Birds, Bob and St. Bess

There are periods when mi jus’ mentally frass, i.e. well tired, exhausted.

During those periods, I do whatever it takes to relax my mind. Like watch birds posing off on the clothesline on a sunny, Sunday afternoon or the neighbour’s cat tiptoeing through our backyard, foraging for bug snacks or perhaps trying to provoke the dog. Who knows why he keeps scaling the wall.

But there are times I just listen to Bob, pure Bob and nothing but Bob. For days and days.

Who’s Bob?

Bob who?

Yuh really asking mi dat?

There’s nothing like a Bob Marley song to soothe a tired soul. I’m talking about the kind of tiredness that stems from strange editors thinking they have the God-given right to kill your spirit after you’ve been labouring for years to hone your craft.

Awright. It was only one editor. A local one. Her feedback was so off base it made me wonder if she actually read my submission.

Don’t get me wrong. I value feedback, constructive feedback, the type that lets me know if my stories are understood, appealing, realistic and touching in any way. If they’re not, then I know I have more work to do.

Thankfully, positive and constructive responses from readers, over the past months, buffered me against the effects of this editor’s tripe of an email (sent at minutes to midnight on a Sunday because clearly it couldn’t wait until Monday during business hours).

By the way, when Jamaican people say yuh talking tripe, it means you’re talking foolishness.

There are folks in foreign who think living on this island is “irie” and “no problem, mon”. I can’t blame them. When they watch our tourist-board ads or visit the tourist areas, that’s the stuff they’re fed.

But, there’s always trouble in paradise. Everyday. Just read our newspapers and listen to our news.

Whenever I get weary from paradise troubles, I apply multiple doses of music to my ears. And, many times, it’s being sung by Bob.

There’s something about “rebel” lyrics and a wicked bass that placates the soul and revs up one’s determination to trod on and drum past the -isms and schisms which make it extra challenging for many in this island to succeed.

Thank God, we’ve been blessed with a powerful music genre to help ease di tension.

And thank God, we live on an island that’s still beautiful. Because, on this beautiful island, a drive out to the country can do wonders to re-energize a flagging soul.

Okay. So some of you are saying, “But Angie, yuh live a country already!”

Mi know!

But I’m talking country-country. You know, country outside of . . .  my country.

If you’ve been reading the blog, you would’ve picked up that I have roots in the south. St. Elizabeth, a.k.a. St. Bess, that is. And, whenever possible, I return to St. Bess for a quick visit. I did that earlier this month.

We drove through Brown’s Town, St. Ann. And the St. Ann part, I’m sure, took up at least a half of the three hours it took to reach our destination.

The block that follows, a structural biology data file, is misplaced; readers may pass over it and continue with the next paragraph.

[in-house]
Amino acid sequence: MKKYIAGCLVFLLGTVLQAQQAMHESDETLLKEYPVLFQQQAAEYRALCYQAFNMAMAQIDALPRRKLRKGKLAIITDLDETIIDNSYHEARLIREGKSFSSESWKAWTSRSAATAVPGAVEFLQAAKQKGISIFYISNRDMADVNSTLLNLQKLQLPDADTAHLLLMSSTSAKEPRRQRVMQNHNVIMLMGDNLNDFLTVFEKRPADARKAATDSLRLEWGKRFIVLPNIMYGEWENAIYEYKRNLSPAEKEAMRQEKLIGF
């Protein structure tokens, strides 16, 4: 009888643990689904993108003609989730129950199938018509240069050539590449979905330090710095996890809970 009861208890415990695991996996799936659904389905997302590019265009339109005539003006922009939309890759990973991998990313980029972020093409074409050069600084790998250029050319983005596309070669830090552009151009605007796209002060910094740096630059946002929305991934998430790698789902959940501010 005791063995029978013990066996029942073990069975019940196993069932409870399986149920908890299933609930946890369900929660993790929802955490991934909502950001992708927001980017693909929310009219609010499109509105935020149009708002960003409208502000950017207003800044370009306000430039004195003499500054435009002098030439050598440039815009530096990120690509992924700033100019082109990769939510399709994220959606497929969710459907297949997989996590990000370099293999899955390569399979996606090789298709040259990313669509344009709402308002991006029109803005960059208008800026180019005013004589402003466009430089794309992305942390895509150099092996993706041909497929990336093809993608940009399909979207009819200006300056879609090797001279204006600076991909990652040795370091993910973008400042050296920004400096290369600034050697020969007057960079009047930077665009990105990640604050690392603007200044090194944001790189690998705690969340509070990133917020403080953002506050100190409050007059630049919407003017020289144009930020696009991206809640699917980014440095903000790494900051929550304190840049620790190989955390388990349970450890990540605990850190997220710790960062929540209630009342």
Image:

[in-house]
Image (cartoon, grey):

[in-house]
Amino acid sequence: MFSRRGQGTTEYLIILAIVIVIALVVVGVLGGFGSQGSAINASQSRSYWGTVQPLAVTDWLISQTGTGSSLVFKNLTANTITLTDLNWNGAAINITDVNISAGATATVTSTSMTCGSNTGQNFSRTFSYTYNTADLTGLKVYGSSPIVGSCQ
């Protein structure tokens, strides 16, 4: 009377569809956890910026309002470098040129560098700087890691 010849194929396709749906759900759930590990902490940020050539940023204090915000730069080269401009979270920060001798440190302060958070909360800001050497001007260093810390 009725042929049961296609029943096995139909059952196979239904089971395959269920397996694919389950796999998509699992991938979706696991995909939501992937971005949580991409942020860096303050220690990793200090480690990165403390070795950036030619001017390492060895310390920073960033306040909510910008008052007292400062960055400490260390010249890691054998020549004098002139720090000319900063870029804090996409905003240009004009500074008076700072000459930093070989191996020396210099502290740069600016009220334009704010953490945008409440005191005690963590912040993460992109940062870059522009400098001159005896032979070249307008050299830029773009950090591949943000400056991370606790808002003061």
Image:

There are serious, winding roads on this route, my people, but some nice views: big, country houses; farmland; hills and valleys; cows; nuff goats; and free-like-a-bird-to-roam-the-streets-day-or-night, mongrel dogs. It was lovely.

Snapshot 1 (8-26-2016 6-32 AM) Spur Tree

Bus-window view of Spur Tree Hill road.

This is the part of Jamaica where if you’re zooming by, the people on the roadside stop and stare. And, if you’re lucky, they might give you a big wave.

This is where you may also experience wide variations in temperature along the way: from early-morning heat in St. Ann’s Bay to crisp, cool air in Spalding, Manchester; from cooling rain in Lititz (try saying that three times, fast, fast, fast) to midday mist in Top Hill, St. Elizabeth.

Of course, at midday, if hungry tek yuh in St. Bess, you’re in the right parish to get sumptuous fare. St. Bess has the best cooks and sweetest tasting food in JA, hands down, argument done.

Down to the vegetables in St. Bess taste scrumptious. And I don’t particularly like vegetables.

We stopped at a little restaurant in Southfield that we’d stopped at during our last visit. Couldn’t tell you the name. But I can tell you, it’s across from a gas station and beside a Western Union.

We bought barbecue chicken, fried chicken and stewed beef served with rice and peas, pasta salad and raw, shredded carrots and cabbage. People, as my St. Bess grandma would say, di food eat good! And the bill didn’t send us into cardiac arrest. Five of us adults ate generous servings of food for less than US$25 (total!).

Beef stew4

Leftover stew beef from the previous day’s nyammings.

After a few hours with family, discussing the food and family, we filed back into our bus, about late afternoon. Our driver, being the consummate St. Ann touristy guide, pressed play on a Bob Marley CD as we eased on down the road.

Have you ever listened to Bob Marley while driving through the Jamaican countryside and gazing at the scenery through a bus window on your way back home at the end of a long day?

Never gets old.

I’m not sure if the feel would be the same if we were playing another reggae artiste. Probably not.

I’m not even sure if the feel would be the same on a country road in foreign. I’ve never had occasion to try it.

My foreign friends, have you tried it in your home-country? If not, I’m giving you homework.

Next time you’re travelling through the countryside and gazing at the scenery through a bus window on your way back home at the end of a long day, please pop in a Bob Marley CD (or whatever they call it these days). Make sure you have the music set up beforehand, please. Then drop me a line to tell me how it feels.

How should the vibe feel?

It should feel . . . mellow.

 

Peace and love,
Angie

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